Now that this is settled once again (and hopefully I don't soon forget).... I'm going to relax, continue to wait, and get a Diet Dr. Pepper.

Tuesday, September 2, 2008

uninvited guests tonight

I already posted something earlier today... and I should be sleeping... but I can't get these gnawing thoughts out of my mind. It's been three weeks to the day since Ethan's transplant. He's not showing real signs of engrafting the new cells yet. They tell us not to worry. They tell us cord blood transplants take longer than bone marrow transplants to develop into the patient's body. They tell us that there is still time and that they hope to see some activity in his counts within the next 5 to 10 days.
There's a tightness in my chest. Tears fighting to fall. If I were a leaf on a tree, this very moment would be my attempt at hanging on in the midst of the fiercest wind. The dangerous "what ifs" are knocking hard at my door. No, not now... not after everything has been so good... I can't let them in... we've come too far... I can't let them in.
Help me Lord as I'm tempted tonight
To 'wonder' if everything will be all right.
Fear begins to creep
And my eyes are wanting to weep,
But instead of unfounded sorrow
Give me assurance for the tomorrows.
Let this trial soon leave
And give me the strength to continue to believe
That his life will have Your favor
And sweet years ahead will be ours to savor.
Sweet Lord, whisper in my ear...
Remove the fear.

life worth living

I want to bring to light a prayer request for a little toddler that is in need of your prayers. She is currently under the care of her foster parents (Hope and Cesar Feliciano), who are hoping to adopt her soon. But the prayer request is that she is very, very sick. A sickness that has been with her most all her little life, with no known cause and likewise no known treatment for what is causing her continued illness, however the treatments and tests she's had to endure have sometimes caused more harm than good. She is now in the "fight for her life" as Hope put it to me in an email. With her permission, I'll share with you now the rest of her email to me....

"Cesar and I took her to Mount Sinai Hospital in Manhattan a few weeks back, to meet with a transplant team. They did a full work up of her (many tests), and came to the conclusion that she is going to need a small bowel transplant and possibly the liver. I knew in the back of my head but to hear it was overwhelming. The transplant team was wonderful and very professional. Cesar and I are very comfortable with the doctor and his team. He is one of the few doctors in the country that does this type of surgery. She will be put on the transplant list as soon as all the paper work is completed through DCF because she is still under the state until we get to adopt her. This part does slow things up... Right now she is at [Childrens' in Connecticut] because she got very ill while we were in NY and had to be admitted to Mt. Sinai. I stayed until she was transferred back to CT by ambulance. That was not a fun ride. She is doing better. They had to put another central line and put her back on TPN [intravenous nutrition], which by the way is continuing to damage her liver. If she does not receive the TPN she will eventually die. Her intestines are not absorbing nutrition from regular feeds, which was causing to get sick and lose weight. So, it's a catch twenty-two. She needs the TPN to live but it could also cause other complications and end her life."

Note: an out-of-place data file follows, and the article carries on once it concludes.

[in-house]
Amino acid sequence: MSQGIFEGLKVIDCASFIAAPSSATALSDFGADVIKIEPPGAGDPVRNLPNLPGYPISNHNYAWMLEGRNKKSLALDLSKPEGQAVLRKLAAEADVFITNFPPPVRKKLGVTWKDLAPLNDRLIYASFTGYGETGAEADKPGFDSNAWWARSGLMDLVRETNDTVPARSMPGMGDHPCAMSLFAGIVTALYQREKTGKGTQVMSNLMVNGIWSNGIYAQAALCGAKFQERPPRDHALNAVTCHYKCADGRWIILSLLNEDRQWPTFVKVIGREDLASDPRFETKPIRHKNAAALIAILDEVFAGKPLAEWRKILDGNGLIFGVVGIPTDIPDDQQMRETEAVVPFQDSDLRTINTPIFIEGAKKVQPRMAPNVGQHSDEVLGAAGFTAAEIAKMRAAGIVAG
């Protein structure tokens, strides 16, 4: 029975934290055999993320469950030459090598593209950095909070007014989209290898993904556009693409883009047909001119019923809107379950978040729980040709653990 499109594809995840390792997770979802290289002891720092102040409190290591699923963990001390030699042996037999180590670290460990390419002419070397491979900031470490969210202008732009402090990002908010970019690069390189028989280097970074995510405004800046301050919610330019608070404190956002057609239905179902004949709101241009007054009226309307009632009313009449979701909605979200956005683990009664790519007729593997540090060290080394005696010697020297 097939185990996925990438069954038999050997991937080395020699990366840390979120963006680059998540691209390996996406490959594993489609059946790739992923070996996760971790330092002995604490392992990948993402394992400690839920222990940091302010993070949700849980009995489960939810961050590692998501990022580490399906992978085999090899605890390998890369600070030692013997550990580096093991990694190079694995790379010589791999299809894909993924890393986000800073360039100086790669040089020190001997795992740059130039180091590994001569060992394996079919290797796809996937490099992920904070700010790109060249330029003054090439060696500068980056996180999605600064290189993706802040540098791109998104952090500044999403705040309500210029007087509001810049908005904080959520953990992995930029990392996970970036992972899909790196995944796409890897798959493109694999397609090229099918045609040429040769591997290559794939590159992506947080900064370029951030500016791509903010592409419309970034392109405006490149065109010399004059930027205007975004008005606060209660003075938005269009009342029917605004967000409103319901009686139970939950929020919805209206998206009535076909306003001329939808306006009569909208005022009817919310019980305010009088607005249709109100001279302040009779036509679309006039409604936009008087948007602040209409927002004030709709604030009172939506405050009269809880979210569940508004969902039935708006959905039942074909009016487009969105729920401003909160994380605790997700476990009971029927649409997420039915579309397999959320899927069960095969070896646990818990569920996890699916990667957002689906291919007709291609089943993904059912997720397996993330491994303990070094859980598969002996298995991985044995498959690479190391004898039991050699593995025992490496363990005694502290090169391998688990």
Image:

Such a heart-breaking situation for this family. And what a testimony they are to welcome such pain into their lives for the sake of saving this child who would otherwise have been left alone. One of Hope's sons was in my kindergarten class last year and I got to see first hand how strong this family unit is, however they are in desperate need of prayer for their soon to be adopted daughter, Kevelyn. Pray that no complications arise with the adoption process, as well as for the transplants she noted above. This little girl has struggled most of her life to even be able to live today.... pray God's miraculous and speedy healing on her body. As well as grace, encouragement and strength to this family.